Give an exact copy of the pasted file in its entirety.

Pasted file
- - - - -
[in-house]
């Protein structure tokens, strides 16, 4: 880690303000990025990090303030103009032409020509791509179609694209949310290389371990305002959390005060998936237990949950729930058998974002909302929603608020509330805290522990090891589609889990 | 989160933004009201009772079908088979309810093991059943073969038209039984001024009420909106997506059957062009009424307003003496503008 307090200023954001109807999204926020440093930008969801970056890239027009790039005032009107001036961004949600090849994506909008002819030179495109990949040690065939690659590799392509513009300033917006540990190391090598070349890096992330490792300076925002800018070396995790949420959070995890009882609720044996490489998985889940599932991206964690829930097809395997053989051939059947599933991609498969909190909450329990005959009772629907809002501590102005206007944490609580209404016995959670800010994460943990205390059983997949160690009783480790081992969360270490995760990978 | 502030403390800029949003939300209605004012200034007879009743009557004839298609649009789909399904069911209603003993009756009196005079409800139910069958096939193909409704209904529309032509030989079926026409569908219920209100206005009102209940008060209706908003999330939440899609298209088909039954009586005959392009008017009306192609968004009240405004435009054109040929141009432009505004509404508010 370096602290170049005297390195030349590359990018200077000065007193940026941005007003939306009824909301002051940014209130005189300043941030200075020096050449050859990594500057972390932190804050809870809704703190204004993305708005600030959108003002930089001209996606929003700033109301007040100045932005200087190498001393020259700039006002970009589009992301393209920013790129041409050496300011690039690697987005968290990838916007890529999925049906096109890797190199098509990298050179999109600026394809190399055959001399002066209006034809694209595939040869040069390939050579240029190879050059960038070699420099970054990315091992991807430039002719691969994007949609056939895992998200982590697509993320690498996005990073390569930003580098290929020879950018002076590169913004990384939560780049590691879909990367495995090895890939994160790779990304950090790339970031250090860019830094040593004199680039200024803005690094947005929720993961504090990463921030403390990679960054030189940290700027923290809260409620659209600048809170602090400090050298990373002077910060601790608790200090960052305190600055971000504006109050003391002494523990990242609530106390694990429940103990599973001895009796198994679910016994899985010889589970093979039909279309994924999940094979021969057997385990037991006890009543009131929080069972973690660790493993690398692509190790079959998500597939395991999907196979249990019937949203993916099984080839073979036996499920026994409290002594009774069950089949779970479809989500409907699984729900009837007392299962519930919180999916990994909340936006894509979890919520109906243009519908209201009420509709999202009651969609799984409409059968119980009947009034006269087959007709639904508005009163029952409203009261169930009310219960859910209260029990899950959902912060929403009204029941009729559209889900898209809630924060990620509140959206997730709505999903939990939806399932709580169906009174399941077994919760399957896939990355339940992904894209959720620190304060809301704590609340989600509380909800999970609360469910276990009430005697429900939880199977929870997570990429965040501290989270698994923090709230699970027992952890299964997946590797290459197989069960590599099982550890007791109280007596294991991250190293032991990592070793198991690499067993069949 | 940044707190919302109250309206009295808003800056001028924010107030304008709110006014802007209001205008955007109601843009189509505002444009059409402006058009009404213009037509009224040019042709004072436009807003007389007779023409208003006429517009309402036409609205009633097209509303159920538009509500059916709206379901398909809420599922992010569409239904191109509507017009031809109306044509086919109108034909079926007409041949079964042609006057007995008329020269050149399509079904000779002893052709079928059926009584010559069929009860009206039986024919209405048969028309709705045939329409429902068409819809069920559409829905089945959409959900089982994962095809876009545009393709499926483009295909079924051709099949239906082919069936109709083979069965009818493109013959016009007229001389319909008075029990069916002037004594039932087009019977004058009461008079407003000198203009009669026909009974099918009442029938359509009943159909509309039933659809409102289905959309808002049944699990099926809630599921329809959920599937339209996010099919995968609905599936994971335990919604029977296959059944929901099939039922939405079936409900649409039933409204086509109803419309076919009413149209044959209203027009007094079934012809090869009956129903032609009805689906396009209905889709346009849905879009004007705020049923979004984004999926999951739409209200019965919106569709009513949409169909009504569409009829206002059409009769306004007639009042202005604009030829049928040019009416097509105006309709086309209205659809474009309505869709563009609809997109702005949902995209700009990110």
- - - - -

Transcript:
[in-house]
């Protein structure tokens, strides 16, 4: 880690303000990025990090303030103009032409020509791509179609694209949310290389371990305002959390005060998936237990949950729930058998974002909302929603608020509330805290522990090891589609889990 | 989160933004009201009772079908088979309810093991059943073969038209039984001024009420909106997506059957062009009424307003003496503008 307090200023954001109807999204926020440093930008969801970056890239027009790039005032009107001036961004949600090849994506909008002819030179495109990949040690065939690659590799392509513009300033917006540990190391090598070349890096992330490792300076925002800018070396995790949420959070995890009882609720044996490489998985889940599932991206964690829930097809395997053989051939059947599933991609498969909190909450329990005959009772629907809002501590102005206007944490609580209404016995959670800010994460943990205390059983997949160690009783480790081992969360270490995760990978 | 502030403390800029949003939300209605004012200034007879009743009557004839298609649009789909399904069911209603003993009756009196005079409800139910069958096939193909409704209904529309032509030989079926026409569908219920209100206005009102209940008060209706908003999330939440899609298209088909039954009586005959392009008017009306192609968004009240405004435009054109040929141009432009505004509404508010 370096602290170049005297390195030349590359990018200077000065007193940026941005007003939306009824909301002051940014209130005189300043941030200075020096050449050859990594500057972390932190804050809870809704703190204004993305708005600030959108003002930089001209996606929003700033109301007040100045932005200087190498001393020259700039006002970009589009992301393209920013790129041409050496300011690039690697987005968290990838916007890529999925049906096109890797190199098509990298050179999109600026394809190399055959001399002066209006034809694209595939040869040069390939050579240029190879050059960038070699420099970054990315091992991807430039002719691969994007949609056939895992998200982590697509993320690498996005990073390569930003580098290929020879950018002076590169913004990384939560780049590691879909990367495995090895890939994160790779990304950090790339970031250090860019830094040593004199680039200024803005690094947005929720993961504090990463921030403390990679960054030189940290700027923290809260409620659209600048809170602090400090050298990373002077910060601790608790200090960052305190600055971000504006109050003391002494523990990242609530106390694990429940103990599973001895009796198994679910016994899985010889589970093979039909279309994924999940094979021969057997385990037991006890009543009131929080069972973690660790493993690398692509190790079959998500597939395991999907196979249990019937949203993916099984080839073979036996499920026994409290002594009774069950089949779970479809989500409907699984729900009837007392299962519930919180999916990994909340936006894509979890919520109906243009519908209201009420509709999202009651969609799984409409059968119980009947009034006269087959007709639904508005009163029952409203009261169930009310219960859910209260029990899950959902912060929403009204029941009729559209889900898209809630924060990620509140959206997730709505999903939990939806399932709580169906009174399941077994919760399957896939990355339940992904894209959720620190304060809301704590609340989600509380909800999970609360469910276990009430005697429900939880199977929870997570990429965040501290989270698994923090709230699970027992952890299964997946590797290459197989069960590599099982550890007791109280007596294991991250190293032991990592070793198991690499067993069949 | 940044707190919302109250309206009295808003800056001028924010107030304008709110006014802007209001205008955007109601843009189509505002444009059409402006058009009404213009037509009224040019042709004072436009807003007389007779023409208003006429517009309402036409609205009633097209509303159920538009509500059916709206379901398909809420599922992010569409239904191109509507017009031809109306044509086919109108034909079926007409041949079964042609006057007995008329020269050149399509079904000779002893052709079928059926009584010559069929009860009206039986024919209405048969028309709705045939329409429902068409819809069920559409829905089945959409959900089982994962095809876009545009393709499926483009295909079924051709099949239906082919069936109709083979069965009818493109013959016009007229001389319909008075029990069916002037004594039932087009019977004058009461008079407003000198203009009669026909009974099918009442029938359509009943159909509309039933659809409102289905959309808002049944699990099926809630599921329809959920599937339209996010099919995968609905599936994971335990919604029977296959059944929901099939039922939405079936409900649409039933409204086509109803419309076919009413149209044959209203027009007094079934012809090869009956129903032609009805689906396009209905889709346009849905879009004007705020049923979004984004999926999951739409209200019965919106569709009513949409169909009504569409009829206002059409009769306004007639009042202005604009030829049928040019009416097509105006309709086309209205659809474009309505869709563009609809997109702005949902995209700009990110």